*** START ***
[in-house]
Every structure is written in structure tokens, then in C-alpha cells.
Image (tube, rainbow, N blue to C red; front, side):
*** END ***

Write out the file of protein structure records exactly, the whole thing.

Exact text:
[in-house]
Every structure is written in structure tokens, then in C-alpha cells.
Image (tube, rainbow, N blue to C red; front, side):